Academic Continuity Plan Response

Graduate Teaching Fellows Federation
American Federation of Teachers, Local 3544, AFL-CIO

Date: March 8, 2019

From: The Executive Board of the Graduate Teaching Fellows Federation

To: The University of Oregon Senate


The Graduate Teaching Fellows Federation writes in response to the proposed “Academic Continuity Plan” before the UO Senate. While we recognize the need to prepare for unforeseen and uncontrollable disruptions to university operations, we strongly oppose the proposed policy. The original language of the policy conflated labor actions by employee groups with natural disasters and suggested the university is powerless in preventing such disruptions. Even with the removal of all examples of when this policy would be implemented, however, it remains the case that the policy could be activated in the event of a strike. The implications of a faculty endorsement of this policy are far-reaching and troubling. We ask you to reject any form of this policy that does not explicitly exclude labor disputes.

Labor actions by employee groups are not in the same category of events as natural disasters, epidemics, or other unforeseen and uncontrollable disruptions. Strikes are not forces of nature that are disconnected from any possible interjection or control by the university. The power to avert a disruptive labor action is always within the university’s hands.

In addition, the proposed policy has the effect of circumventing the provisions contained in multiple employee collective bargaining agreements by pressuring one employee group to fulfill the duties and labor of another in the event of a labor action. While the policy does not contain a strict requirement for faculty to perform GE labor, in practice faculty will be pressured to perform labor beyond the scope of their collective bargaining agreement and individual employment contracts for fear of reprisal. This is echoed in the statement from United Academics Representative Assembly, which makes clear that “the idea of ‘academic emergency’ in case of labor dispute is inappropriate and illegitimate; faculty should not be pressured to or feel obliged to do the work of striking employees.”


The proposed policy:

  • is designed to undermine the collective bargaining power of other employee groups to negotiate a fair contract and to exercise some control over the conditions of their employment; and
  • encourages faculty to serve as strikebreakers against other employees at UO should those employees democratically decide that it is necessary to withhold their labor in order to achieve a fair contract from the university.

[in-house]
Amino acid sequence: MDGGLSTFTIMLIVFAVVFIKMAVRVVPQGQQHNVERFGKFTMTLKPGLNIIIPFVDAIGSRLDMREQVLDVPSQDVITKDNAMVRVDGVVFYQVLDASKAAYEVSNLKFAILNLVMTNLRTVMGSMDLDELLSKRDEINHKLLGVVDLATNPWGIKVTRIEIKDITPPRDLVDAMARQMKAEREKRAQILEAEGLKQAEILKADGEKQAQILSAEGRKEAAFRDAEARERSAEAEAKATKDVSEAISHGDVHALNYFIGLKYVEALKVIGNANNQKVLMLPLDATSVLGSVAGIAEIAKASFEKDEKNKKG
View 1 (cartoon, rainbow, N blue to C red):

Given these implications, GTFF would again like to ask Faculty Senate members to consider the following questions:

  • What signal does the endorsement of this policy by the Senate, send while both GTFF and SEIU are actively engaged in contract negotiations with the university?
  • What are the potential ramifications of an endorsement on relations between different employee groups at UO and in the wider community?
  • What effects would this policy, or an endorsement of it by the Senate, have on the ability of faculty members to successfully engage in direct, collective action over their own pay, benefits, or working conditions in the future?


The GTFF has no plans or intentions to strike. We are bargaining in good faith with the university to reach a fair agreement and will continue to do so, but we reserve the right to engage in concerted, collective action, up to and including striking, if the university is unwilling to agree to a fair contract. This proposal, coming in the context of ongoing contract negotiations, signals to us that the university is interested in disempowering graduate employees and their ability to ensure a fair agreement. Endorsing a plan that is clearly designed to weaken campus unions and drive a wedge between employee groups on campus is not in the interest of the university community or the University Senate.

We then ask that you reject any form of this policy that does not explicitly exclude labor disputes, and consider revisions that can achieve the commendable goal of preparing for unforeseen and and uncontrollable disruptions to university operations without eroding the collective bargaining process and agreements of multiple employee groups on campus.



The Executive Board of the Graduate Teaching Fellows Federation